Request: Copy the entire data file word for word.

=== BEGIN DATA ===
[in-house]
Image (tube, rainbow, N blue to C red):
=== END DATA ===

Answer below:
[in-house]
Image (tube, rainbow, N blue to C red):